Leaching is also true of cast-iron, but in the case of iron, that's a good thing. You don't mind a little extra iron in your diet. Extra aluminum has not proven to be beneficial. And cast-iron wears like.....well, it wears like iron. Treat it well and you'll be able to pass it on to your children and grandchildren. And it's by far the least expensive choice for cookware. Yes, it requires seasoning and extra care, but it's worth the effort. Lodge is pretty much the first name in cast-iron cookware.

Add a coat of enamel to cast-iron and you've got the best of both worlds. Non-stick convenience and iron durability. Le Creuset is the top-shelf brand for enameled cast-iron. You don't really need it. Two-hundred twenty bucks for a 3.5-quart round Dutch oven at Sears? Fuhgeddaboudit! You can get a six-quart from Lodge almost anywhere for about fifty dollars.

Non-stick pans are all the rage, but most real cooks “stick” to the materials listed above. Non-stick surfaces are good for a very limited number of things. Eggs, for instance. Even top chefs use non-stick for eggs. As I said, I've got some non-stick made by Bialetti that I just love. Thirty dollars for a 10.25-inch skillet at Bed, Bath and Beyond. But don't rely on non-stick for everyday cooking. You can't use it over high heat, you've got to baby the coating, and if you're lucky you'll get five years out of it. Buy one and use it for eggs or pancakes or something. But get stainless steel, cast-iron, or anodized aluminum for your general cooking requirements.

Small Appliances

It's easy to go way overboard here. So much stuff, so little money (or space)! I don't think I have to mention a microwave. Not so much for “cooking” as for reheating, defrosting, melting butter – stuff like that. And popcorn, of course. Where would society be without microwave popcorn? (I'll answer that question seriously one of these days.)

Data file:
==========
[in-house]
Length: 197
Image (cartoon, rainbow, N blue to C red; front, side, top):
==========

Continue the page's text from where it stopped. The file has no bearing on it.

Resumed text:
A toaster is also essential, although I really like toaster ovens, or “countertop ovens” as they are sometimes called. A regular toaster is a uni-tasker. It makes toast. Period. Not only can you make toast, you can cook a frozen pizza in some of today's countertop ovens, especially the ones with a convection feature. And they aren't that expensive. Between fifty and a hundred dollars, depending on bells and whistles.

If you're a coffee or tea drinker, a coffee or tea maker is important. Keurig will impress your friends, but Mr. Coffee will still make them coffee for about one-tenth the price.

You need an electric mixer. Don't go nuts and spend $300 on a KitchenAid stand mixer unless you're really going to use it. At the same time, beware of cheaper models. They sometimes have weak motors that aren't up to the task for doughs and heavy batters and you can burn 'em out pretty easily. A good hand mixer is what most home cooks need. Black and Decker makes a five-speed mixer for under thirty dollars and KitchenAid has one for just a little more. Again, avoid “bargains.” A ten-dollar mixer will give you what you pay for.

Food processors teeter on the edge of “essential.” They're so darn versatile, but maybe not what every cook needs. Mini-processors or mini-choppers are popular and inexpensive and fill the bill in many kitchens.

Avoid uni-taskers if money and/or space are at a premium. Bread machines are cool, but you can make bread dough in a stand mixer or a food processor. Deep fryers are nice, but you can deep-fry in an enameled Dutch oven. Not to say that if you plan on doing a lot of bread making or deep-frying these appliances wouldn't come in handy, but not for run-of-the-mill, day-to-day cooking. Blenders are good, but food processors are usually better. The one exception might be an immersion blender, but that's a pretty specialized tool. Electric can openers? Nah. I can open cans faster with a hand-cranker, especially the nifty new ones that leave a nice, smooth edge. More on that in a minute.

The Little Stuff

Here's where you can really beat up your wallet. And the sad thing is that most of these “essential” gadgets wind up getting used once or twice and then stuck away in the back of a drawer or cabinet never to see the light of day again until the big yard sale. This is especially true of all those “as seen on TV” gimmicks. But there are a few things you really should have.

Measuring cups and spoons. Plastic cups and spoons are okay, but metal is better. You'll go through ten cheap plastic sets before you'll wear out a good stainless steel set. There is a difference between cups intended for dry measure and those meant for wet measure. It's a good idea to have a set of each for really accurate results. And a variety of glass measuring cups will also really be useful, especially in the microwave.